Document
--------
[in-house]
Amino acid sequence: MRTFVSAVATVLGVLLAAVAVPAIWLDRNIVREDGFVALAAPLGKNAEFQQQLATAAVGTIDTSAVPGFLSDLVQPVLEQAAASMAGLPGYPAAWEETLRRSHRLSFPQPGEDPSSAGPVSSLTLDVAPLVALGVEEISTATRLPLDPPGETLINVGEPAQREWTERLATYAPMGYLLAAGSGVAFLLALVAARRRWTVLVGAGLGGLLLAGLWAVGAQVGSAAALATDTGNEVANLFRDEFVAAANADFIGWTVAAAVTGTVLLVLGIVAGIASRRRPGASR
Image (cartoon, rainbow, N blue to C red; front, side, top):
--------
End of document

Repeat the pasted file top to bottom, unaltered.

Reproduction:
[in-house]
Amino acid sequence: MRTFVSAVATVLGVLLAAVAVPAIWLDRNIVREDGFVALAAPLGKNAEFQQQLATAAVGTIDTSAVPGFLSDLVQPVLEQAAASMAGLPGYPAAWEETLRRSHRLSFPQPGEDPSSAGPVSSLTLDVAPLVALGVEEISTATRLPLDPPGETLINVGEPAQREWTERLATYAPMGYLLAAGSGVAFLLALVAARRRWTVLVGAGLGGLLLAGLWAVGAQVGSAAALATDTGNEVANLFRDEFVAAANADFIGWTVAAAVTGTVLLVLGIVAGIASRRRPGASR
Image (cartoon, rainbow, N blue to C red; front, side, top):